Through the early morn­ing fog you see

The Wokingham Paper - - VIEWPOINTS - TONY JOHN­SON caveat.lec­

LOOK­ING back over pre­vi­ous com­men­taries, the last one on Re­gen­er­a­tion was “Talkin’ ‘bout our ‘Gen­er­a­tion” on Jan 29, 2016 - over 18 months ago. At the time, the re­vised plan­ning ap­pli­ca­tion had cre­ated sig­nif­i­cant ir­ri­ta­tion around the bor­ough, and the strongly crit­i­cal com­men­tary re­flected this – creat­ing sig­nif­i­cant ir­ri­ta­tion around Shute End (al­legedly).

Sub­se­quent meet­ings with the then min­is­ter for re­gen­er­a­tion and the pro­gramme man­ager were in­for­ma­tive but didn’t trig­ger a pos­i­tive piece. The pos­i­tive spark of creativ­ity didn’t … spark.

Un­til last Fri­day – when the pro­gramme man­ager of­fered to demon­strate the progress around the Peach Place bit of Re­gen­er­a­tion.

Vi­sions of the things to be …

The heavy mist made it hard to see Peach Place from half­way down Den­mark Street. Even the town hall was in­dis­tinct, so it was time to mix in some imag­i­na­tion and see what the fu­ture’s go­ing to bring.

Gone was the bor­ing old 60s ar­cade, in its place was a sweep­ing curve of new shops. It turns out some­one had paid at­ten­tion to the pub­lic’s feed­back be­cause it wasn’t all uni­form ei­ther. In­stead there’s a mix of frontages which, while they don’t match the old ar­chi­tec­ture, do bring a mod­ern twist on the chop and change of town cen­tre frontages.

Look­ing at the colour­ful blue hoard­ings in Peach Street and round into Mar­ket Place, they’ve got lots of pic­tures on them, so that you can see what it’s go­ing to look like.

… De­vel­op­ment is pain­less

One of the steps the project team took early on was to ad­ver­tise when work would start. The ad­verts also helped ev­ery­one un­der­stand that while the de­mo­li­tion and main con­struc­tion works were go­ing on, the ad­ja­cent pave­ment would be closed to make sure no­body got brained by any fall­ing de­bris, bricks etc.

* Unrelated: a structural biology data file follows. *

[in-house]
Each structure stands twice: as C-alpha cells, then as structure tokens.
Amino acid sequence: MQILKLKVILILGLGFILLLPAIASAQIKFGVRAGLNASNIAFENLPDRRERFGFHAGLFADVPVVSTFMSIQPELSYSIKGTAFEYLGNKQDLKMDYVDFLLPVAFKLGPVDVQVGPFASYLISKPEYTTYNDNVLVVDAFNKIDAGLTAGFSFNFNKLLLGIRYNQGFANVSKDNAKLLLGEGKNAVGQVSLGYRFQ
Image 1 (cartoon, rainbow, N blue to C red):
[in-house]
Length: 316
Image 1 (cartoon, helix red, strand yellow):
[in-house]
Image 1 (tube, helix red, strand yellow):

For the cu­ri­ous though, you can walk on past the Brad­bury Cen­tre’s front doors and look through the net­ting and wire mesh fenc­ing to see what’s go­ing on dur­ing de­vel­op­ment.

Even­tu­ally, this’ll be the exit for the early morn­ing com­mer­cial deliveries, mak­ing Peach Place traf­fic-free for the re­mains of the day, so that ev­ery­one can safely en­joy shop­ping and re­fresh­ments there.

It brings on many changes

Be­cause things are the way they are, they won’t stay the same. It seems that change is the only con­stant and it’s our abil­ity to cope with it that drives our feel­ings.

If it’s done well, mak­ing the best use of the plaza at its heart, Peach Place can be­come as ac­tive a set­ting as Les Deux Magots in Paris.

This de­vel­oped a rep­u­ta­tion as the early

20th cen­tury’s ren­dezvous of the lit­er­ary and in­tel­lec­tual élite of the city, in­clud­ing Jean-Paul Sartre, Si­mone de Beau­voir and the young Ernest Hem­ing­way. To­day it at­tracts tourists, who might then go on to shop at ei­ther Louis Vuit­ton or Burberry, both just a few yards away.

Fur­ther back in time for din­ers, the cof­fee houses in 17th and 18th cen­tury Lon­don were the pre­ferred meet­ing places for writ­ers and so­cialites, also the cen­tre for much po­lit­i­cal and com­mer­cial ac­tiv­ity.

One such ex­am­ple was Lloyd’s Cof­fee House, opened by Ed­ward Lloyd in 1686 on Tower Street in the City.

It was pop­u­lar with mer­chants and shipown­ers, so Mr Lloyd catered to them with re­li­able ship­ping news.

To­day Lloyds of Lon­don is a ma­jor fi­nan­cial in­sti­tu­tion known glob­ally and, with a turnover of just un­der £30 bil­lion per year, is among the top 20 in­sur­ance com­pa­nies in the world.

And all from chat­ting over a cof­fee.

So when Peach Place gets go­ing, it might just be­come the new des­ti­na­tion lo­ca­tion for Wok­ing­ham – to re­lax, meet friends or talk busi­ness.

There’s the po­ten­tial for the new de­vel­op­ments to do for Wok­ing­ham what the two Magots did for Paris or what Ed­ward Lloyd did for Lon­don.

And you can take or leave it if you please

By the time the tour was over, the sun was out and the fog had dis­ap­peared. As had the imag­i­na­tion.

Per­haps your imag­i­na­tion might ben­e­fit from some re­fresh­ment ? If so, there’s a bot­tle of good wine as a prize for the best email nam­ing and de­cod­ing this week’s cul­tural gags.

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